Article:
While some may remember the legendary rickshaw accident scene from this movie. I would also put a couple of more landmark scenes as my favourites. The scene where Shambhu is embarking on his journey to Calcutta, how he comes back and hugs his wife again when hears her sobbing. Also the end scene where he picks up something from the ground and a guard or somebody reprimands him and asks him to open his fist to show what he’s stealing. Shambhu opens his fist and we see a handful of mud. It’s a slap across any self-respecting urbanite who is oblivious towards the plight of his brethren in the village.

The movie is considered a milestone because of the times that it was made in and the times that it spoke about. A frontal attack on the feudal system it also exposed the pusillanimity of the noveau rich urban Indian. The hypocrisy of the bourgeois and their vain ideals and existence. Especially when plotted against the simple idiosyncrasies of the village folks the severity is magnified. This film I think never got the credit it deserved. Here was a story well told. Here was the heart at the right place so was the head. But seldom do people notice a good thing, do they?

Thursday, March 10, 2005

Urdu anybody???

What’s with Bollywood and Urdu these days? Every next song that I get to hear on the TV set or blaring on the speakers of all the ricks in Mumbai HAS to have one word of Urdu. The raison detre being its phonetic value that adds to the meter of the song. Don’t get me wrong. I am not ignorant to the fact that Urdu has always been the boli of 80% of the Hindi film songs.
In good old days we have had the best of shayars penning down the lyrics for our movies. Stars of the sixties like Sahir, Shakeel, Jaanissar, Kaifi ruled the skies of the Indian film world. With their chaste Urdu and proficient lines they could make songs even on the mundanest (Couldn’t resist the temptation!) situations seem profound and insightful. Taking their mantle ahead were the likes of Gulzar and Javed Akhtar. The former could complicate a simple situation like lovetalk between two passionate lovers and make it sound like a description of a chapter in a geography text book viz –

“Iss mod se jaate hain,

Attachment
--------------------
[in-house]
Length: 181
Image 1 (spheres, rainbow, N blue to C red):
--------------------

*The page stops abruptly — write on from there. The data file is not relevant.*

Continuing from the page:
Kuch sust kadam raste,
Kuch tez kadam rahe,
Pathar ki haveli ko
Shishe ke gharondo mein,
Tinko ke nasheman tak
Iss mod se jaate hain.”

Or give Panchamda a piece of prose and ask him to put in meter and record it viz –

Mera kuch saman
Tumhare paas pada hai
Sawan ke kuch bhege bhyeege din
Rakhe hai
Aur mere in khat mein lipti raat padi hai who raat bujha do mera who saman lauta do.

Just kidding.

Me thinks Gulzar is someone who has penned down easily some of the most simple but profound lyrics of our times.

By adding everyday words like – makan, railway, chatri etc. he has given us words which were more closer to life than just mohabbat, afsana, wafa, aah etc.

But again, I digress.

But how can I go ahead without speaking about Javed sahab, he has in actuality simplified the whole process of lyrics writing. Sagaar, Saath Saath,Tezaab,Silsila were some of his gems.

All these stalwarts time and again have taken generous helpings from the Urdu reservoir to convey the hapless condition of a lovelorn aashiq. Albeit with abundant dexterity.

But I seek your attention to introduce you to this new breed of lyrics that have taken the Hindi film industry by storm and are threatening to stay put for the near future at least.
The modus operandi of these scamstars is to browse through the Urdu to Hindi dictionary. Look out for words, which have a nice phonetic value. (Preferably words, which people have never heard of before) Use the word repeatedly and jot some peripheral lines to disguise it and make it look like a song. Have some jazzy beats in the background and voila you gotta chartbuster over there. Ever done something simpler than this?
Well let me cite some examples.

Nikkamma kiya is dil ne (The word was first made famous by Ghalib. Now he must be turning in his grave on the beats of this song!)
Kambakht ishq (Ghalib again!!)
Khubakhu mujhe tu nazar aaye
Talatum talatum (And you thought it was one of those oley oley kindda senseless shit. It means a storm)

Do guys know of anymore to add to the list?

This will go on until one day they will run outta words in Urdu.Then they will start taking each regional language one by one and rape it repeatedly and thoroughly till its reduced to a lifeless pulp. Then they will search for greener pastures abroad and use Spanish,German,Lebanese,Swahili and the likes.

Anything to make a hit song!

PS. Coming soon is my venting out session on all the remixes. But for that lemme take a break and listen to some songs…;-)

Monday, March 07, 2005

A night of old memories

Had been to my Mgmt Inst alumni party on Saturday. Had a swell time. Met up with professors and old friends.Prof.Shrinivas instantly recognized me (which surprised me a bit)and when I said that I am in advertising he replied by saying, “But ofcourse!I knew you would reach your aim.” Then turning towards Prof.Pitale he said,"Back then, he was one of those star performers in the class. I am sure he's the same in work also. “The embarrassment on my face was evident.

Post the pleasantries were the time to hit the bar and get sloshed. Had loadsa fun. Flirted outrageously with the junior gals.

PS.Was given the microphone to wax eloquent about our days in college. But I need a script before I face my audience. Impromptu speaking is definitely not my forte. So gauche as I was blurted out a monosyllabic and highly repetitive rambling as my discourse for the evening.